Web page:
25 - Digestive Infections

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kelleeeh
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23811
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25 - Digestive Infections
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2010-06-16 16:19:33
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Digestive Infections
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25 - Digestive Infections
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  1. Symptoms – Throbbing pain, discoloration, roughness, tooth

    can break while chewing

    Causative Agent – Streptococcus mutans, colonize teeth,
    thrive in acidic conditions, produces glucans, dietary sugars

    Pathogenesis – Adherence of bacteria to receptors on teeth,
    sugar production causes drop in pH

    Epidemiology – Heredity, young more susceptible than old

    Prevention – Cut down dietary glucose

    Treatment – Removal of plaque, drilling out and filling of
    cavity

    Dental Caries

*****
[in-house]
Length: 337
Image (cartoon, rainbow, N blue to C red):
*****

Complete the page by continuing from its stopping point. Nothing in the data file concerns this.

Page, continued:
2. Symptoms – Bleeding gums, sensitivity, bad breath, Receding

    gums, loose discolored teeth

    Causative Agent – Dental Plaque

    Pathogenesis – Plaque/Tartar forms at gum line, gets into
    gingival crevice, causes inflammation

    Epidemiology – 90% of those over 65, people with underlying immunodeficiency


    Prevention – Brushing, cleaning flossing

    Treatment – Cleaning out inflamed gingival crevice and
    removing plaque

    Periodontal Disease

  3. Symptoms – Bleeding/swollen gums, foul odor, rapid onset, fever

    Causative Agent – Treponema genus, spirochete

    Pathogenesis – Bacterial invasion causes necrosis and
    ulceration

    Epidemiology – Stress, malnutrition, immunodeficiency

    Prevention – Brushing and flossing

    Treatment – antibacterial

    Trench Mouth

  4. Symptoms - Belching, vomiting, abdominal pain, bleeding,

    tenderness

    Causative Agent – Heliobacter pylori, short, spiral, gram
    negative microaerophile with multiple flagella

    Pathogenesis – Able to neutralize acidity of stomach, uses
    flagella to corkscrew through stomach lining

    Epidemiology – fecal-oral route, clusters in families, poor
    people most susceptible

    Prevention – No prevention

    Treatment – Antibiotics

    Gastritis

  5. Symptoms – blisters, ulcers in mouth, fever

    Causative Agent – Herpes simplex virus, medium sized, double
    stranded enveloped, type 1 or 2

    Pathogenesis – Blisters contain large numbers of virons,
    stress can precipitate recurrances

    Epidemiology – Wide spread, transmitted by close physical
    contact

    Prevention – close physical contact

    Treatment – Antivirals

    Herpes Simplex

  6. Symptoms – fever, headache, swelling of parotid glands,